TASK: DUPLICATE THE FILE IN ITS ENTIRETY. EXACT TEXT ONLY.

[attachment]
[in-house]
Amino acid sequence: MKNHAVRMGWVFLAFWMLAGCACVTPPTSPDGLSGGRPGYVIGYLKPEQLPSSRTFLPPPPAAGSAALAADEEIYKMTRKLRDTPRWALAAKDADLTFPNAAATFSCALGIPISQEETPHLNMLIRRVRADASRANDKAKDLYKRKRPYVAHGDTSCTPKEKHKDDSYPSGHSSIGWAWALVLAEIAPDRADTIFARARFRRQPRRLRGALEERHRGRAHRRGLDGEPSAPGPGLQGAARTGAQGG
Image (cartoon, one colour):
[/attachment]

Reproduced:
[in-house]
Amino acid sequence: MKNHAVRMGWVFLAFWMLAGCACVTPPTSPDGLSGGRPGYVIGYLKPEQLPSSRTFLPPPPAAGSAALAADEEIYKMTRKLRDTPRWALAAKDADLTFPNAAATFSCALGIPISQEETPHLNMLIRRVRADASRANDKAKDLYKRKRPYVAHGDTSCTPKEKHKDDSYPSGHSSIGWAWALVLAEIAPDRADTIFARARFRRQPRRLRGALEERHRGRAHRRGLDGEPSAPGPGLQGAARTGAQGG
Image (cartoon, one colour):